You are here: joeclark.orgAccessibilityCaptioningBest practices in online captioning

Closed captions and open captions together

One technique that has not been attempted, to our knowledge, is a combination of closed and open captioning. A video segment is provided with burned-in open captions and optional streams of player captions.

In this way, dialogue can be rendered via open captions (and probably with near-verbatim completeness in most cases), while closed captions give additional information. Some examples:

Non-speech information
Productions with a lot of non-speech information (NSI) and a lot of dialogue can render much more of the NSI in a separate stream than would be possible if dialogue and NSI were mixed together.
Lyrics can be handled by open captions, while closed captions can annotate and explain the features of the music itself, as already seen in captioned opera and ballet.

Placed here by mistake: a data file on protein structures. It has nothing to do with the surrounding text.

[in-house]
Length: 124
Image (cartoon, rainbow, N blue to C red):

Manner of delivery can be explained in the closed-caption stream. Because these captions are not really supplementary but an adjunct to the dialogue, it will likely be necessary to tightly synchronize them to the dialogue and position them near the dialogue captions. Since the open- and closed-caption streams will probably be at different vertical positions on the canvas, they may be difficult to follow.
Extended captions
The closed-caption stream could appear only on request. The viewer could select a Tell me more button, which would pause the video and play additional captions. Or the author could set up the video so it always pauses at a given point, whereupon closed captions are sent.
Audio description
An audio-description narrator can be captioned separately from the main audio.